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Evaluating Your Sources

Tutorial for evaluating source material

SCRAAP That Source

The SCRAAP test is an easy way to remember how to evaluate sources in general. SCRAAP means...

 SCRAAP: Self-awareness, currency, relevance, authority, accuracy, purpose

Allen, M. A. (2017). Information literacy and Confirmation Bias: You can lead a person to information, but can you make him think?


Some questions to ask yourself when evaluating information to keep a sense of self-awareness:

  • Do I already have an opinion or a desired result from the information I seek?
  • Will my background or personal belief impact how I evaluate the information?
  • Am I willing to attempt to remove my personal bias from my information evaluation process?
  • Am I willing to seek, evaluate, and use information that may differ from my personal beliefs?


Some questions to ask yourself when evaluating currency of information:

  • When was the information published or posted? How timely is the material?
  • Has it been updated? Have there been new versions or editions since this was published?
  • How important is the date to the subject material? How quickly does new research for this topic come out?
  • Does new research expand upon or replace old information for this topic?


Some questions to ask yourself when evaluating the relevance of information:

  • Does the material fit with your topic? Does this source help answer your question? Does only part of it help?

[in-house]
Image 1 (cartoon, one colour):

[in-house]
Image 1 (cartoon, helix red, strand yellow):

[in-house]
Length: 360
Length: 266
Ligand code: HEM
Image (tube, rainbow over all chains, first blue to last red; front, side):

• Is it covering all aspects of your topic or only parts?
  • How detailed is the information? Is it too basic for your needs? Too advanced? Would you be comfortable citing it?
  • Who is the intended audience? Is it written at an appropriate level?


Some questions to ask yourself when evaluating the authority of information:

  • Who is the author? What can you find about them in the source itself or through a web search?
  • Is the author a professor or other expert? Does the author have a degree related to the topic? Has the author written on the topic previously? Is the author drawing from her own personal experience?
  • Has the information been reviewed in some way, such as by an editor or through peer review? Was it self-published or posted on a personal site? Where was it published?
  • Is there contact information for the author or publisher?


Some questions to ask yourself when evaluating the accuracy of information:

  • Is the information reliable, truthful, and correct? Is the spelling and grammar correct?
  • Have you looked at more than one source? Is there supporting evidence? Do multiple reports have similar information?
  • Does the author cite other sources? What does s/he cite? Are there still working reference links to sources on a website?
  • For studies, experiments, and other original research, does the author explain the method s/he used to find the results? Are there flaws in the methodology or analysis?


Some questions to ask yourself when evaluating the purpose of information:

  • Why did the author publish this source? What is the author’s intent with the material? Is s/he looking to inform, teach, advocate, sell, or entertain?
  • Who is the intended audience? Is this designed for general readers or academic readers?
  • Was the material sponsored? What political, ideological, cultural, religious, institutional, personal or other perspectives does/could the author have?
  • Does the information seem impartial? What perspectives are not included within this resource, especially less privileged perspectives?